The fact we live in a “post-truth” society – one in which emotional appeals are more influential than objective facts – is a tricky one for any well-trained, objective journalist to get his/her head around.
In newspapers, we have been trained to get the most objective story we can: one that is factual, unbiased, and looks at all sides of the argument. Getting the facts right has been something that’s been drilled into our heads not only by our editors, but our lawyers. Have we recorded the interview? Have we got the transcript in our notebooks? What evidence have we got? Have we asked for comments from the other side?
Given the number of sources through which travellers can now find information – bloggers, vloggers, Instagrammers, in-house magazines and advertorials – the role of the objective travel journalist is, newspaper readers tell us, more important than ever.
Discuss with Times readers why they buy the paper and they’ll tell you the same thing: it’s because they still trust mainstream newspapers in a way they don’t glossy magazines, or TripAdvisor, or travel bloggers whose followers have been bought.
If they read a review or travel feature in a respected paper, they will believe that the journalist has the same ethical standards as those in the newsroom, the legal pages, the business columns. And they’re smart: stop telling readers the truth, in any part of the paper, and they’ll spot it a mile off. You only have to look at the Comments at the end of articles to know that.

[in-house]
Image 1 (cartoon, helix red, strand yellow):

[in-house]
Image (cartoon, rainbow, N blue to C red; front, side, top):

Which, presumably is why, when readers trust a publication, the results of an inspiring travel article can be transformative for a travel company. One piece in The Times, a happy tour operator recently told me, resulted in 27 (very expensive) bookings.
Post-truth society might be swayed by fiction: by glossy selfies on Instagram or doctored photographs in glossy magazines. But hopefully, before people part with their money, they want a full, honest picture by someone who tells it as it is.